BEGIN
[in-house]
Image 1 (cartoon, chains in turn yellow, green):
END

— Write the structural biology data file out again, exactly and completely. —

[in-house]
Image 1 (cartoon, chains in turn yellow, green):